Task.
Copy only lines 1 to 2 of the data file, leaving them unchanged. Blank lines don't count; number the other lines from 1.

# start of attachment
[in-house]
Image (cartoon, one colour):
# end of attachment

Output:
[in-house]
Image (cartoon, one colour):